I am proud to say that I have enough experience with life to have learned how to cherish life's little miracles with the same enthusiasm as I do the large.
A miracle, defined in the dictionary as something that defies scientific laws, an event or act that challenges logic, is exactly what I am living.
Today I celebrate the miracle of being a healthy non-smoker. I have accomplished no other deed that compares to this. No other achievement in my life touches the hem of gaining and retaining my life back from the world of the "Smoking section".
There are many many roads to becoming an ex-smoker. Mine was not the straight and narrow nor was my trip the "shortest distance between two points". I took the long way around. Why?, blurred vision, inability to make a commitment?, or plain laziness?. All of the above, plus 3 or 4 less logical excuses assisted my reasoning, which allowed me to continue smoking when I knew that there was no good thing about it.
I won't dwell on my past smoking experiences. I've given enough of my life to a cause whose only return has robbed me of the quality and quantity of time that I may have to spend with my loved ones.
I will clarify, subjectively, the advantages of becoming and remaining a non-smoker.
Anyone that has, loves or wants a child would do himself or herself a huge favor of not smoking. The impression that you make on children by what you do or, more important, don't do is more than you know.
Your health will make or break you, literally. No matter how many old people you see smoking, you will never live to your expectant age if you continue to tell yourself that not every smoker dies early from cancer. The age that you do live to see will not be comfortable or enjoyable.
I once read that smokers are better managers of time than non-smokers. So, I prided myself on being able to plan my next cigarette break before I even finished my current cigarette break, being able to remember to stop between destinations to restock. Progressive? Psychic? Neither, and anyone who still believes that they need a cigarette(a depressant), to figure out life's problems are not using the full capacity of their brain to start with.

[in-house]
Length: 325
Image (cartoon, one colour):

A two-edged sword. I had convinced myself that $3.25 was not a lot to pay for my habit. I never asked anyone to purchase my cigarettes, and it was a small amount when you consider that other ILLEGAL drugs were much more. I work every day, and I am worth a mere $3.25, right? Right, but my life is worth more than that. Plus, I really do notice those extra bills in my pocket.
I can only laugh at my attempt to conceal the smell of smoke in my hair, clothes, skin, car, house, and mouth. I can now smell smoke from a block away. About the same distance that non-smokers smelt me from, no matter how sweet the perfume, gum or air freshener I used to carry with me at all times.
Making the decision to stop smoking has nothing to do with remaining a non-smoker. Ask any smoker about quitting. It's not the hard part. Remaining a quitter is more than a notion.
A small miracle or a large miracle? I cannot say. I do know that after exhausting all my natural powers, I kept praying for assistance to conquer a habit that half the world considers to be normal and the other half knows by it's true name: an addiction that causes cancer, emphysema, pain, and early death.
Contributed by: ~Karen~
Quit Date: December 15, 1999
Personal Quit Smoking Stories